What Duty Does a Lawyer Owe a Client?
A LAWYER’S DUTY OF CARE TO THE CLIENT HAS SEVERAL PRIMARY ELEMENTS.
Under California law, lawyers have a duty to use reasonable diligence in representing clients.
Attorneys also have a duty to exercise their best professional judgment when practicing law, and to use the same degree of skill and care that reputable attorneys would use under similar circumstances. This standard is measured according to the skill and knowledge used by reasonable (and reputable) attorneys practicing in the area of law the lawyer is actually practicing when the alleged malpractice occurred.
Attorneys practicing outside their normal practice areas are still judged by the standard of reasonable lawyers in the area of law at issue.
A lawyer’s failure to act in accordance with this legal duty, under circumstances which result in harm to a client (or, in some cases, a non-client with standing to bring a claim) is professional negligence (malpractice).
A LAWYER WHO LOSES A CASE HAS NOT NECESSARILY COMMITTED MALPRACTICE.
Attorneys are not required to win every case they take on, to ensure a client’s success, or to warrant or guarantee any particular result to a client (or to anyone else).
Lawyers are also not legally obligated to practice law without ever making a mistake of law or judgment. Not all mistakes or errors in judgment committed by an attorney constitute malpractice.
Instead, the law gives lawyers a wide range when making judgments about the law and the best way to handle a client’s legal case or situation. This is necessary, because otherwise lawyers would not be able to represent clients zealously. More importantly, overly strict legal judgments about malpractice would force attorneys to choose between practicing law beneath a constant threat of malpractice claims and deciding to leave the procession altogether.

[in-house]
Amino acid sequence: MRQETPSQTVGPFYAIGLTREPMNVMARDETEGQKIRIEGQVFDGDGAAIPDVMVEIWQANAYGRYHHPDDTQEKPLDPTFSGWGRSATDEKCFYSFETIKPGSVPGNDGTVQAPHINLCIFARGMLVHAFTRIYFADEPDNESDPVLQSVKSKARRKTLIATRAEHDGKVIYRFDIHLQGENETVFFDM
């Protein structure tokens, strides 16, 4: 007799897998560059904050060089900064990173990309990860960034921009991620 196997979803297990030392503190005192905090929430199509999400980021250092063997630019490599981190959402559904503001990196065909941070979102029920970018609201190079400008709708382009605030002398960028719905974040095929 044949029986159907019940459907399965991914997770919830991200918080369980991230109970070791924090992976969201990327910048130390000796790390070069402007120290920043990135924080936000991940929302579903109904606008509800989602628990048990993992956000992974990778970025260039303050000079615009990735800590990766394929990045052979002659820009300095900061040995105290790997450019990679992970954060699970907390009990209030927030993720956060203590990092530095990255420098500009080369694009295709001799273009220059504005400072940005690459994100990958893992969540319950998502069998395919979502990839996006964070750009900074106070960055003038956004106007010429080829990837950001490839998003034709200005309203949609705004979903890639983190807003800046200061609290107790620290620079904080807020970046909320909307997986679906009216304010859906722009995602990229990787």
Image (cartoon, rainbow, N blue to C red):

For this reason, honest, reasonable mistakes of law or judgment generally do not constitute malpractice.
That said, attorneys are held to a high standard of care, skill, and professionalism, and clients should not attempt to evaluate potential claims against an attorney without professional assistance. Do not attempt to evaluate your legal claims on your own. Always consult an attorney promptly if you believe you have a legal claim against an attorney or another public or private defendant.
Disclaimer: THIS ARTICLE IS FOR INFORMATIONAL PURPOSES ONLY, AND DOES NOT CONSTITUTE LEGAL ADVICE OR CREATE AN ATTORNEY-CLIENT RELATIONSHIP BETWEEN THE AUTHOR AND ANY PERSON. Your rights and experiences may vary. Never use an online article (including this one) to evaluate your legal claims. Speak with an experienced lawyer promptly to obtain a personalized evaluation of your claims, possible damages, and options. You may lose or compromise your rights if you delay in consulting legal counsel. Malpractice (professional negligence) claims are complicated and fact-dependent. If you believe you have a claim against an attorney who represented you, or any other type of legal claim, consult an experienced lawyer immediately for an evaluation of your personal rights and claims.